One China Policy

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James T. Smith, V
POLS 3203
Dr. Kwon
November 4, 2012

One China Policy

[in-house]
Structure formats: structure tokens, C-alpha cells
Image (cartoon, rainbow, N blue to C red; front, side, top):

The One-China policy refers to the policy and viewpoint that there is only one state called "China", despite the existence of two governments that both claim to be "China". As a political policy, this means that countries seeking diplomatic relations with the People's Republic of China must break official relations with the Republic of China and vice versa. Therefore, all countries that recognize the Republic of China recognize the ROC as the sole legitimate representative of all of China, and not just the island of Taiwan. Consequentially, all states that want to have official relations with the People’s Republic of China must recognize the PRC as the legitimate representative of Taiwan. The One China policy can also be referred to as the "One China" principle which has a deep cultural viewpoint that insists Taiwan and mainland China are both inalienable parts of a single "China". This is one viewpoint that both governments can seem to agree on and currently both the PRC and ROC governments hold respective policies supporting the One China Principle; however, they both disagree about which of the two governments is the legitimate government of the state. The People’s Republic of China which is the government of mainland China has extremely strong political opinion and stance on Taiwan. In fact in the Preamble of their Constitution they quote: “Taiwan is part of the sacred territory of the People's Republic of China. It is the lofty duty of the entire Chinese people, including our compatriots in Taiwan, to accomplish the great task of reunifying the motherland.” The PRC officially never refers to the “ROC government”, and seldom ever to the “government of Taiwan.” Instead, the PRC media and officials refer to them as the Taiwan authorities. The PRC does not accept or stamp Republic of China passports. Instead, a Taiwan resident visiting Mainland China, Hong Kong or Macau must use a...
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